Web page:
Project: Lantern Studio
Architects: Flavin Architects
Location: Wellesley, Massachusetts, USA
Area: 2,608 sf
Photographs by: Courtesy of Flavin Architects
Lantern Studio by Flavin Architects
The Lantern Studio is an impressive project by Flavin Architects located next to a traditional home in Wellesley, Masachusetts. As its name suggests, this is not an actual dwelling although it is not much of a studio either. In fact, it is a separate extension of the home which enables its residents to access a private outdoor space and enjoy their backyard.
The Lantern Studio is set beside a traditional Dutch Colonial home in Wellesley. While still being visible from the street, the setback respects the context of traditional houses, and established pattern of accessory garages being located behind the primary dwelling. The building is placed behind a spectacular glacial erratic boulder and becomes the focal point of the backyard entrance. Low grasses are planted around the boulder, in keeping with the manicured gardens typical of the neighborhood. The landscape to the rear is left raw and wild, with rock outcroppings that nature can overtake in time.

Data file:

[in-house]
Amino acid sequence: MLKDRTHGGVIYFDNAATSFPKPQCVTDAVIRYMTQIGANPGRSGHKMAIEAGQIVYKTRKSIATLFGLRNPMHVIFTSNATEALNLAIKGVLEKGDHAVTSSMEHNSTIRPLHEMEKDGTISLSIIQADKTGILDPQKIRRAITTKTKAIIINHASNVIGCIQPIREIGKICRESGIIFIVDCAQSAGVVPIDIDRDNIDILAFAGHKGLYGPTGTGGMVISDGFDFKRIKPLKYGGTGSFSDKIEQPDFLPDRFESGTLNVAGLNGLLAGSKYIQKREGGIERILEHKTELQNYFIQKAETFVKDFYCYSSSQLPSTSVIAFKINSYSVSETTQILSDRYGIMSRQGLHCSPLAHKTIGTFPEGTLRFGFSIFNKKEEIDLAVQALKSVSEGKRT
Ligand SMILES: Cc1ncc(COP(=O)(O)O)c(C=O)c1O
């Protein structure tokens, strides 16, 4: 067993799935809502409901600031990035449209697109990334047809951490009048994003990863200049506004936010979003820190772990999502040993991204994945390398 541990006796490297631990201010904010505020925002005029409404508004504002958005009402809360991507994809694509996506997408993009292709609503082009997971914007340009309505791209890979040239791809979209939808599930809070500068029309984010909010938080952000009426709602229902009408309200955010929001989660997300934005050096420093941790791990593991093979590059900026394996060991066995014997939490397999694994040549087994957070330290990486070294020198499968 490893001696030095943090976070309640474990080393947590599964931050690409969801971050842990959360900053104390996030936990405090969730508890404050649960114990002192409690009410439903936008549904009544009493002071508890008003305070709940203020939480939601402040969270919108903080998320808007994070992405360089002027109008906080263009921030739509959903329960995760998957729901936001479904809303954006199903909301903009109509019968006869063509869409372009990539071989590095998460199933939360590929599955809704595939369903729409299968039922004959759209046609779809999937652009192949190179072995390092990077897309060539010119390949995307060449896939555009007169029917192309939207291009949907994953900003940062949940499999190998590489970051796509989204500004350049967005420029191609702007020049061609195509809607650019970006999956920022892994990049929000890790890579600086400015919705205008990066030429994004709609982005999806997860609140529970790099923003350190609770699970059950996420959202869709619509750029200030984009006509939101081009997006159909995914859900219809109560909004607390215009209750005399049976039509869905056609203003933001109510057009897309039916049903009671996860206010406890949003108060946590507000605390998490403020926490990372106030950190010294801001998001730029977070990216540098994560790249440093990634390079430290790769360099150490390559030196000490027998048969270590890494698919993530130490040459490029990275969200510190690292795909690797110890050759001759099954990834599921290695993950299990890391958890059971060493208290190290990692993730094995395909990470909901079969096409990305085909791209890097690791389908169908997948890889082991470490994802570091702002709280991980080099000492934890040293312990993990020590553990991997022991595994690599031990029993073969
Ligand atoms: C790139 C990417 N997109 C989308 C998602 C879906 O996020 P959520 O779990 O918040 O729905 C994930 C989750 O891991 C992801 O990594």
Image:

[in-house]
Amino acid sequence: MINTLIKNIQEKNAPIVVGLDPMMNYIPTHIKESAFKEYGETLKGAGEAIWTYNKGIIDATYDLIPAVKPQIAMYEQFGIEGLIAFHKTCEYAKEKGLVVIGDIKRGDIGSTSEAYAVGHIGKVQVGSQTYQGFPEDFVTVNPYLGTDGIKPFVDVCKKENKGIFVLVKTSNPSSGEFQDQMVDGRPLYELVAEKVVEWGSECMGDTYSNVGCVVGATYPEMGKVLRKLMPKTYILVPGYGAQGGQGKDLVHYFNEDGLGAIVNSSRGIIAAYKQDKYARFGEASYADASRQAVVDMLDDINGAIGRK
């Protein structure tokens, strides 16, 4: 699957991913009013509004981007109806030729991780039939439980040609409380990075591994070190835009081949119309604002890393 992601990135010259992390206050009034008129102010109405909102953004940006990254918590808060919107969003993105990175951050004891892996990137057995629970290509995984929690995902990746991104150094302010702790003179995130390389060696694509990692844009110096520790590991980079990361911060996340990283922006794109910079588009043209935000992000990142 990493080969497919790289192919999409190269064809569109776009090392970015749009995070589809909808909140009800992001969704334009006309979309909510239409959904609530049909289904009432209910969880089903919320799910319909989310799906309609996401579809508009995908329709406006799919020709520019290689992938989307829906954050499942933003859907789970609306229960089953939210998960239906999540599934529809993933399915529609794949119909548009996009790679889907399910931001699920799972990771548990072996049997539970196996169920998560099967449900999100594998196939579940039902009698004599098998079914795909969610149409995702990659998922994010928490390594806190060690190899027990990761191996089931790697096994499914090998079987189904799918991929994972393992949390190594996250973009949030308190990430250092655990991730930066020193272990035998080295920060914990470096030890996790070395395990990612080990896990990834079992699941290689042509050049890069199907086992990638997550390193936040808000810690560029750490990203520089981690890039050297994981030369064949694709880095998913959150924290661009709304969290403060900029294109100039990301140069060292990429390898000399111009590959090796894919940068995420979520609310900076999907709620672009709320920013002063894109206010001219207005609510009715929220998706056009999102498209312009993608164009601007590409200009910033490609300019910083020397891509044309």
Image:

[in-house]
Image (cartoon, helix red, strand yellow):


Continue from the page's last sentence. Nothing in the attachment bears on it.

The building is designed to engage the client’s passions for gardening, entertaining and antique Vespa scooters. The ground floor is a Vespa repair shop and garage. The middle floor houses a home office and veranda, and the upper floor allows for outdoor dining surrounded by a vegetable garden in raised planters. A concrete box clad in stucco encloses the lower garage workshop and forms the plinth for the exposed steel frame structure of the upper two floors of the building. The six perimeter steel columns provide a column-free interior for the middle floor and extend an additional 8 feet above the roof deck to define the edges of the building. An assembly of Ipe deck tiles over pedestals bring the traditional warmth of wood to both the open-air veranda and roof deck.
The east and west elevations of the steel frame are draped with a curtain of slender mahogany strips, that screen the nearby busy road from the veranda and roof deck. The appearance of the building changes throughout the day; the wood screens are back lit in the morning sun and front lit in the afternoon with dappled light filtered through the adjacent tree canopies. At night the wood screens glow like a lantern.